I disagree. I know what it is like to have candidates continue to ask over and over again why they weren’t chosen and sometimes the company simply refuses to give more information than no. Like mentioned above, it could be some weird thing that they feel uncomfortable answering and just want to leave it alone. Additionally, there is a huge chance the recruiter has worked with this company before and knows that they won’t give more feedback so as a way to shut down continual questions they sent the candidate the verbatim feedback they received. I guess they could have softened it for the candidate, but I don’t know why they would. If that was the response they received from the hiring manager, I think it could be worthwhile to hear it like it is and not sugarcoat it.

        1. LBK

          Disagreed, I think part of a recruiter’s job is sugarcoating and being the filter between the hiring manager and the candidate. And what’s worthwhile about hearing this? If it were constructive criticism then sure, that’s worth passing along, but clearly all it’s done is set the OP spinning because it’s so vague.

            1. Yeah I'm commenting!

              I guess my question would be, how should the recruiter have responded? She doesn’t have any more information than no, they don’t want to move forward. The OP states that the recruiter refused to ask for more info, but that could again be because in the past they were never willing to give more feedback. So the recruiter tells the OP, “No, I’m sorry they do not want to move forward.” The OP will undoubtedly ask why, but the recruiter doesn’t know. Then what?

              1. LBK

                Then they use one the of various boilerplate responses that recruiters, hiring managers and HR use all the time, like “we went with someone with more experience”. It’s extremely common that there either won’t be more feedback available or that the hiring manager won’t be willing to give that feedback to the candidate – any recruiter worth their salt should be breezing through this situation 10 times a day, and certainly not resorting to forwarding emails verbatim from the hiring manager.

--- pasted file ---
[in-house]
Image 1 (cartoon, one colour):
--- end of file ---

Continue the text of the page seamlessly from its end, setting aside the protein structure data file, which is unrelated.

2. Ask a Manager Post author

          But he could do that over the phone. I’m assuming he didn’t have permission to forward that email, so that’s problem #1 (he’s betraying the trust the employer put in him, and they’re his client), and problem #2 is that it was just a pretty thoughtless way to deliver the feedback. I’d be pissed if a recruiter forwarded one of my emails to a candidate without my permission.

      3. Stranger than fiction

        Of course they’re allowed to. However, this would drive me crazy just like it is for Op. She’s been operating under the assumption she did a great job there and now is scratching her head. Yes, the recruiter should not have forwarded the email to her, but he could have asked that employer why so he knew what other jobs may be a better fit and/or diplomatically give the Op some feedback depending what the problem is.

        1. LBK

          A candidate is never entitled to feedback or an explanation, and it’s not on the recruiter to proactively go back and request it unless the candidate asks them to. I’m with Christopher Tracy that the only error in this process was the recruiter forwarding the manager’s email.

    2. Ask a Manager Post author

      I don’t know that that’s true though — if the issue is just that they have stronger candidates or that the OP could be right for something else but not this particular job, I don’t think she should write them off entirely.

      1. Jeanne

        Yes. The wording is abrupt but I probably wouldn’t give a lot of detail to the recruiter. It’s short hand and could mean lots of things. “I worked with Sally and I don’t like her so no.” Or “I worked with Sally and I know she can’t do the special engraving on teapots that we need.”